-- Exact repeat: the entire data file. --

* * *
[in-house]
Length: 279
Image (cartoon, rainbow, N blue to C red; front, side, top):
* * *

[in-house]
Length: 279
Image (cartoon, rainbow, N blue to C red; front, side, top):